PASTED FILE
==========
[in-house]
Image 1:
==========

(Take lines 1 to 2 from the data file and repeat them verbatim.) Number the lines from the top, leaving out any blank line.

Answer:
[in-house]
Image 1: